For all the difficulties he has had when representing England, the club career of Raheem Sterling has appeared remarkably solid since the arrival of Pep Guardiola at Manchester City.
Leaving Liverpool to join the Manchester giants a summer before Guardiola joined in 2016, an indifferent opening year came to be seen as a blip when the Catalan coach began to work his magic with Sterling.
Playing the guts of 100 games for Guardiola's City over the last two seasons, their record-breaking run to Premier League success saw Raheem Sterling grab 18-league goals in the process; double what he had previously scored in any of his five seasons in the English top-flight.
However, speaking to the BBC, it has now become clear that Guardiola is no longer certain whether or not he will be working with the pacy forward any longer.
Although it is difficult to comprehend why Sterling may see his future better served away from Manchester City, Guardiola's remarks hint at the potential for misguidance amongst the player's close advisers:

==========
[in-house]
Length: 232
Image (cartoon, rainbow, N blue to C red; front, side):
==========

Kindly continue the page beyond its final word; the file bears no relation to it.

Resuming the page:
There is no doubt we want him. He knows it. His agent knows it. We made it clear from the day I arrived we want him, but deals are deals, agents are agents and players are players. So at the end I don’t know what is going to happen.
Pep on Raheem Sterling’s future: “There is no doubt we want him. He knows it. His agent knows it. We made it clear from the day I arrived we want him, but deals are deals, agents are agents and players are players. So at the end I don’t know what is going to happen.”
— Simon Stone (@sistoney67) August 5, 2018
Having consistently lauded Sterling, his importance to his Manchester City team, and the player's potential to improve further still, it is scarcely in doubt that Guardiola would prefer to retain the services of the English international.
However, that the former Barcelona and Bayern Munich manager would so readily speak of his inability to judge "what is going to happen," does bear consideration.
Although it is unlikely that Sterling would move to another Premier League side, one may speculate that his mis-treatment at the hands of Britain's tabloid press could leave him open to the prospect of playing his football on less scrutinising shores.